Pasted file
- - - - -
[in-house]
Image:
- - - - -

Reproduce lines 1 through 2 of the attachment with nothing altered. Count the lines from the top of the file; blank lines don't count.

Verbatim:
[in-house]
Image: